“Yudhishthira said,–“Intelligent as thou art, thou hast said what noneelse is capable of saying. There is none else on earth who is settler ofall doubts. Behold, there are kings in every province employed inbenefiting their respective selves. But no one amongst them hath beenable to achieve the imperial dignity.
Indeed, the title emperor isdifficult of acquisition. He that knoweth the valour and strength ofothers never applaudeth himself. He, indeed, is really worthy of applause(worship) who, engaged in encounters with his enemies, beareth himselfcommendably. O thou supporter of the dignity of the Vrishni race, man’sdesires and propensities, like the wide earth itself adorned with manyjewels, are varied and extensive. As experience can seldom be gained butby travelling in regions remote from one’s home, so salvation can neverbe attained except by acting according to principles that are very high,compared with the ordinary level of our desire and propensities. I regardpeace of mind as the highest object here, for from that quality mayproceed my prosperity. In my judgment, if I undertake to celebrate thissacrifice, I shall never win the highest reward. O Janardana, endued withenergy and intelligence, these that have been born in our race think thatsome one amongst them will at one time become the foremost amongst allKshatriyas. But, O exalted one, we also were all frightened by the fearof Jarasandha and, O sinless one, by the wickedness of that monarch. Othou invincible in battle, the might of thy arm is my refuge. When,therefore, thou taken fright at Jarasandha’s might, how should I regardmyself strong in comparison with him? Madhava, O thou of the Vrishnirace, I am repeatedly depressed by the thought whether Jarasandha iscapable or not of being slain by thee, by Rama, by Bhimasena, or byArjuna. But what shall I say, O Keshava? Thou art my highest authority oneverything.’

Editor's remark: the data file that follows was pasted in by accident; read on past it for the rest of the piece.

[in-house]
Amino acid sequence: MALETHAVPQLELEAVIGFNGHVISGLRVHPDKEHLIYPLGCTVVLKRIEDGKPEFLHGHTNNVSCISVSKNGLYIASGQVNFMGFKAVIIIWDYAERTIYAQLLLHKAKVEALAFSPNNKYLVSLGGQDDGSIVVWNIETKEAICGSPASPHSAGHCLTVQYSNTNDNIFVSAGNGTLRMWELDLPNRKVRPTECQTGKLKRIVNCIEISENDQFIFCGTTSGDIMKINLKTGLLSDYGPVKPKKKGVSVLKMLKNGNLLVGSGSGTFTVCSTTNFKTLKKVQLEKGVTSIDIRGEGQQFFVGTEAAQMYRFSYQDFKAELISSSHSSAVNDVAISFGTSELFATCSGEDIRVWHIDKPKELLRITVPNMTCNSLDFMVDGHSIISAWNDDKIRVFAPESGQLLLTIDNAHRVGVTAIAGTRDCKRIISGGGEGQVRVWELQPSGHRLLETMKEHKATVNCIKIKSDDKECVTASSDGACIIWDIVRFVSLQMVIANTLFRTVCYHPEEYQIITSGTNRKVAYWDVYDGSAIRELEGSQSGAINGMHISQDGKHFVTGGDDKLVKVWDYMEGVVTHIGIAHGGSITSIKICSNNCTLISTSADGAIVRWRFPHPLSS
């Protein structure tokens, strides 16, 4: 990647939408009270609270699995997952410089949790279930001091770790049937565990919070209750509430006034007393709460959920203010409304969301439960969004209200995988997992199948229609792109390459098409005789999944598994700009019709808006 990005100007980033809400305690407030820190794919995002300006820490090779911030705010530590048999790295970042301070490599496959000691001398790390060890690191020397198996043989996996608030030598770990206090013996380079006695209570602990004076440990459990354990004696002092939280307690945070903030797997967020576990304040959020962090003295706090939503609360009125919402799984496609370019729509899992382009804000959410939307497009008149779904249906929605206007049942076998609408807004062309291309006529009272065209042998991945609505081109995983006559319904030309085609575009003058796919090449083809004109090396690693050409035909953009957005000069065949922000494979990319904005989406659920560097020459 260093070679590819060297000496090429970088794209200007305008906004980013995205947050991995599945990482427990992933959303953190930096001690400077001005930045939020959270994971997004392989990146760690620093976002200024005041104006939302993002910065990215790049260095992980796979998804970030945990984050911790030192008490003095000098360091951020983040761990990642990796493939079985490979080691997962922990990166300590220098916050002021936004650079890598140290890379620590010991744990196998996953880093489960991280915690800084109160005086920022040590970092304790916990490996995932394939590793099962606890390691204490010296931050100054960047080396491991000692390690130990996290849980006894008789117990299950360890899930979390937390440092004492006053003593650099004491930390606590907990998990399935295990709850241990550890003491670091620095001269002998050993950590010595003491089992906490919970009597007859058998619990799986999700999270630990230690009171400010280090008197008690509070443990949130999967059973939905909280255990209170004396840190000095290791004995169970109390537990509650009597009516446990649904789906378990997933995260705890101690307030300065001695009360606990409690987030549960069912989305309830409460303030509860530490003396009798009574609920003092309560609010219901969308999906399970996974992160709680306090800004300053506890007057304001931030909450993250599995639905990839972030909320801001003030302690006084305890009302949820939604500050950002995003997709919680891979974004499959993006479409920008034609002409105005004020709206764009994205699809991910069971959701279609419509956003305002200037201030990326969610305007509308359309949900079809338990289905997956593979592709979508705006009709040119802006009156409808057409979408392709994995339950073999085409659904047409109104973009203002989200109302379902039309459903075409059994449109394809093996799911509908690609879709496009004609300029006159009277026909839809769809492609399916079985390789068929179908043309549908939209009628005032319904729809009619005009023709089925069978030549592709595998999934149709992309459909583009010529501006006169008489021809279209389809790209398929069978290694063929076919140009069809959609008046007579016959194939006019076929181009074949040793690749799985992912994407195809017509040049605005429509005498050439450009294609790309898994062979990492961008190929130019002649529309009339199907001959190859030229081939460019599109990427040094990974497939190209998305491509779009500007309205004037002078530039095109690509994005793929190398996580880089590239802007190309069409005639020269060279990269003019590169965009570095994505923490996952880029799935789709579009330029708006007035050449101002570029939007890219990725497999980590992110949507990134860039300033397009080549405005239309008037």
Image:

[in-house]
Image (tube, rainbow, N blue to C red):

“On hearing these words, Bhima well-skilled in speech said,–‘That kingwho is without exertion, or who being weak and without resources enterethinto hostility with one that is strong, perisheth like an ant-hill. Itmay be generally seen, however, that even a king that is weak mayvanquish an enemy that is strong and obtain the fruition of all hiswishes, by wakefulness and by the application of policy. In Krishna ispolicy, in myself strength, in Arjuna triumphs. So like the three(sacrificial) fires that accomplish a sacrifice, we shall accomplish thedeath of the king of Magadha.”
“Krishna then said,–‘One that is immature in understanding seeketh thefruition of his desire without an eye to what may happen to him infuture. It is seen that no one forgiveth for that reason a foe that is ofimmature understanding and inclined to serve his own interests. It hathbeen heard by us that in the krita age, having brought every one undertheir subjection, Yauvanaswin by the abolition of all taxes, Bhagirathaby his kind treatment to his subjects, Kartavirya by the energy of hisasceticism, the lord Bharata by his strength and valour, and Maruta byhis prosperity, all these five became emperors. But, O Yudhishthira, thouwho covetest the imperial dignity deserves it, not by one but by allthese qualities, viz., victory, protection afforded to thy people,virtue, prosperity, and policy. Know, O bull of the Kuru race, thatJarasandha, the son of Vrihadratha, is even such (i.e., a candidate forthe imperial dignity). A hundred dynasties of kings have become unable tooppose Jarasandha. He, therefore, may be regarded to be an emperor forhis strength. Kings that are wearers of jewels worship Jarasandha (withpresents of jewels). But, wicked from his childhood, he is scarcelysatisfied with such worship. Having become the foremost among all, heattacketh yet with violence kings with crowns on their heads. Nor isthere seen any king from whom he taketh not tribute. Thus hath he broughtunder his sway nearly a hundred kings. How can, O son of Pritha, any weakmonarch approach him with hostile intentions? Confined in the temple ofShiva and offered as sacrifice unto him like so many animals, do notthese monarchs dedicated unto that god feel the most poignant misery, Obull of the Bharata race? A Kshatriya that dieth in battle is everregarded with respect. Why shall we not, therefore, meet together andoppose Jarsandha in battle? He hath already brought eighty-six kings;fourteen only are wanting to complete one hundred. As soon as heobtaineth those fourteen, he will begin his cruel act. He that shall beto obstruct that act will surely win blazing renown. And he that willvanquish Jarasandha will surely become the emperor of all theKshatriyas.'”